If you have heard of collateral being used as part of the bail bond process but aren't entirely sure how it all works, you are not alone. Many people do not understand how bail works, but it does not have to be so difficult. Do you have questions about collateral? Here are answers to some of the common questions people have about it.
First, What Is Collateral?
Collateral is an item of value that you can use to secure debt. Collateral helps to ensure that you make a payment, and it could be anything from cash to property. A bail bond company will take the collateral you provide in exchange for the defendant to show up for their court case.
In order to provide collateral, you will need to provide documentation and evidence that you own the property. For example, this might be the deed to your home or the title to your car.
What Do You Need to Do to Put Up Collateral?
In order to put up collateral, you first need to know how the bail process works. You will first be required to consult with a bail bond professional who will likely have some questions for you. The agent will look at the defendant's history as well as your own history. They will examine the defendant's charges, character, and community connections. They also look at your employment status and credit rating.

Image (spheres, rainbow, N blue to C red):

This part of the process is meant to minimize risk for the bail bond company, but it also protects you. When you sign off, you can know that the bail bond company has studied all angles of the situation.
You will receive the collateral you place for the bail bond when the defendant shows up to court for the final time and the case is completely resolved. All financial obligations must have been resolved as well.
Is There a Chance You Won't Get Collateral Back?
There is a chance you will not receive your collateral or that you will be asked to provide the cash value of the collateral to keep your property. Of course, this only happens if the defendant fails to show up in court.
Post Bail With a Professional
It is always smart to ask a professional bail bond agent if you still have questions about collateral. Collateral can be confusing, and you are not alone if you struggle with determining what you should do. Call a professional today to discuss your options for posting bail with collateral or for other information about arrest bail bonds.